The health care debate is heating up in Florida as the state’s highest court weighs the constitutionality of a law that places caps on non-economic damages in medical malpractice cases. The case, known as McCall v. U.S., concerns 20-year-old Michelle McCall, who bled to death while giving her birth to her son.
In the lawsuit, McCall’s family alleged that if it were not for the negligence of the medical staff on hand, the young woman would be alive today. A federal district court judge agreed and awarded her estate nearly $3 million, $2 million of which was for non-economic damages, including compensation for her son’s pain and suffering. However, due to a Florida law placing caps on non-economic damages, the award was reduced to only $1 million.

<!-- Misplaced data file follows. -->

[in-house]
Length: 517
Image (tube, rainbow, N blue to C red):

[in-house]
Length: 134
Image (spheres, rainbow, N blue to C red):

McCall’s family is now appealing to the Florida Supreme Court that this cap is a violation of the state’s constitution, including the section that grants citizens access to the courts.
“The Florida judiciary has already determined in the past that damages caps violate the state constitution because they don’t provide access as everyone has understood it,” says Robert Peck, the lawyer representing McCall’s estate in the case. “Access means full redress for the injury received. So a person who receives $1 million when full compensation should have been $2 million did not have that access.”
If the plaintiffs win, the state’s current cap on non-economic damages in medical malpractice cases could be lifted. In addition, such a win may send a message to legislators, who are poised to vote on a new health care law that will have further implications on Floridians’ rights to sue physicians.
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